In today’s highly competitive modern world we hear more and more about unethical behaviour, either in business, politics or even in broader social activities.

Values are the rules by which we make decisions about good and bad, right and wrong, or simply about our likes or dislikes
Morals are about good and bad. People are judged more on their morals than values. A person can be described as immoral, yet there is no word for them not following values.
Ethics are about the rules or standards governing the conduct of a person or the members of a profession.

Morals, values and ethics are more than just sayings, rules or laws. They imply a duty or actions that you should take. But they also imply that taking these actions is “right” or “good”. Not performing in that way is “wrong” or “bad”.

One of the problems of upholding morals and values in business is that the morals and values of one person may differ from that of another. It is therefore an obligation of business leaders to define basic business morals and values that they want their teams to adhere to. This can be done in team mission statements or when defining team goals or business policies.

One’s morals extend beyond merely knowing a policy or even knowing the law. Very often people who are sentenced admit that they knew what they did was wrong, but they did it anyway! Some people do not answer the question: “Is it right?” before they act. They simply see the act as a way of getting what they want and they simply carry out the act. Businesses need to encourage honesty and high moral standards as the actions of an individual in the team can bring down the moral ethos of the entire team or business.

Unfortunately the old adage “You can fool most of the people all of the time” often applies and it is very easy to mislead the masses with immoral business practices and mis-information campaigns. However, it only takes one or two people to realise what is going on, to expose the poor morals and bring disrepute to the business. The bigger the mis-information campaign, the bigger the final impact of the moral degradation.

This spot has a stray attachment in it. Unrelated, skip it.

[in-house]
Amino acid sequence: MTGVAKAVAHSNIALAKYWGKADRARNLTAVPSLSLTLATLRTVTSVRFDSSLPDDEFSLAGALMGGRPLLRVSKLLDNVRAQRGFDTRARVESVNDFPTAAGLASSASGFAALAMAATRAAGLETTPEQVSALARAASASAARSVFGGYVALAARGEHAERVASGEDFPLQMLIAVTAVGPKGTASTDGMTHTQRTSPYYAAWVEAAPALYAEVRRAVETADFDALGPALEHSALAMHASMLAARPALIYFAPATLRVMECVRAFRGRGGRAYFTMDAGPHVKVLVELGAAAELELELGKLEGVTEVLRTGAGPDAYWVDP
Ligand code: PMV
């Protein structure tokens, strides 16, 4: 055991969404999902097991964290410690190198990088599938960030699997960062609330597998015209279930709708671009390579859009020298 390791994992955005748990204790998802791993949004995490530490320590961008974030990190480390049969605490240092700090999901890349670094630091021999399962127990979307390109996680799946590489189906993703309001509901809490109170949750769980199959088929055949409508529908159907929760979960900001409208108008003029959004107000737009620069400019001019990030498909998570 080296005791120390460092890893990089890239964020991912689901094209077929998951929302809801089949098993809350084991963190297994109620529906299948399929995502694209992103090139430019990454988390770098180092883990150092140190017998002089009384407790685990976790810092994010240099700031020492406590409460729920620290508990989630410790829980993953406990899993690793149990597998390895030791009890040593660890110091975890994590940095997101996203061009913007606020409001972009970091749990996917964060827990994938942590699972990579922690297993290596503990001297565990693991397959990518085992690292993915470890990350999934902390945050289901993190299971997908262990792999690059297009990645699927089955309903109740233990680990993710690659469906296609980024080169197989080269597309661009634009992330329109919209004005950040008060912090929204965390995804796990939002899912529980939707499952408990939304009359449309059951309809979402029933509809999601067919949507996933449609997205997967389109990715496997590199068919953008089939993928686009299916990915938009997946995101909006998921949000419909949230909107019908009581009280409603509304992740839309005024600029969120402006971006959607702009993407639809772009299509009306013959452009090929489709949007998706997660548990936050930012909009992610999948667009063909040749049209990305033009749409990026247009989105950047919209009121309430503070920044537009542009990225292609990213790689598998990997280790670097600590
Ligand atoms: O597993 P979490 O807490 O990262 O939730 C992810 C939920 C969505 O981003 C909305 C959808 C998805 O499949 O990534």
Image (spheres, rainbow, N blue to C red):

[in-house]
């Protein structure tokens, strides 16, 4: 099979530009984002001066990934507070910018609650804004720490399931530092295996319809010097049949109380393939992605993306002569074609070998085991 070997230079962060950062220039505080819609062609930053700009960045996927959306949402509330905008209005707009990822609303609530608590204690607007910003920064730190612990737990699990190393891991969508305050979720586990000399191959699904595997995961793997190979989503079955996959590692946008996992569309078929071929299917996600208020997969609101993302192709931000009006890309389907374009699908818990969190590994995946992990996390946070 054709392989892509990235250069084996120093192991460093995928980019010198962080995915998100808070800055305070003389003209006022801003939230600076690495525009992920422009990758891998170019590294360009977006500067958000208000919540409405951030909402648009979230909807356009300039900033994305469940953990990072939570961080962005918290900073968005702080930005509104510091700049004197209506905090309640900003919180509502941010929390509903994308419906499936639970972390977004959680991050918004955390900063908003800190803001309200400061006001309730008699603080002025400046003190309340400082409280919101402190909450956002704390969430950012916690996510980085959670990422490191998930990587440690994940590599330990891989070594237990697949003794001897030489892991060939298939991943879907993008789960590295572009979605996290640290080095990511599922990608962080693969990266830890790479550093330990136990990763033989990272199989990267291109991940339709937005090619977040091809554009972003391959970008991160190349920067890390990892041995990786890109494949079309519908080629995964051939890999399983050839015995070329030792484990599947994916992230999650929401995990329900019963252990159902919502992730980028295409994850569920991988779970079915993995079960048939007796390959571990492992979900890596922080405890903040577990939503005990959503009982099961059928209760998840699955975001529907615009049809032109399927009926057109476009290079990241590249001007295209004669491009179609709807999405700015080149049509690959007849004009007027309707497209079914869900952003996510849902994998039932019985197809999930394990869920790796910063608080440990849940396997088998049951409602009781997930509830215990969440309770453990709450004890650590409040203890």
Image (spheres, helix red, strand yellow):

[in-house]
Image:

Most people say their conscience bothers them when they do something wrong. This conscience is both intellectual and emotional. It involves both knowing right from wrong and having a good or guilty feeling or notion about what you are doing.

Pinochio had Jimmy Cricket to tell him what he was about to do was wrong. In business you have the business policies, plus your inner voice or conscience. This conscience may be stronger in some people then in others.

Employees with low self-esteem are more likely to act immorally as they do not care enough about themselves to consider their actions to be important. Their belief in their lack of importance, makes doing either right or wrong seem unimportant, and diminishes their conscience or guilt.

It is therefore important for business leaders to value the input of each employee and, treating them with respect to encourage high self –esteem actions.

How you feel about others also determines your moral sense. If you value others highly you will be considerate and act with compassion and moral sense. You will consider the effect your actions will have on others and will want to do what is right and good. On the other hand, if you feel that others have hurt you and are against you, you may lack empathy for their feelings. You will not recognise their value and worth and may not feel compassion for their welfare. Some personality types, especially the defunct, may be empathy challenged, and they may have no or limited capacity for empathy.

When you see others as “the enemy” you will not have compassion for them. Your conscience will not fully respond when you are acting against an enemy. In business people may incorrectly see their competitors as the enemy and engage in immoral business practices to “beat” the enemy or financially disadvantage the enemy. Stealing is stealing, and if you acquire money immorally at someone else’s expense it will eventually backfire and reflect negatively on you or the business you represent.

Fortunately, human nature is basically good and most people will not try to “gain” or “win” at the expense of harming or disabling another.

It is important to remember that we are all connected and any action that you take in life or business should not hamper the success, health or welfare of another. This is because it is our obligation as people to contribute to the growth and success of us all.

I know only that what is moral is what you feel good after and what is immoral is what you feel bad after – Ernest Hemingway, Death in the Afternoon.

Author's Bio: 

I assist my husband, Jason Sandler in his Hypnotherapy, Counseling and NLP practice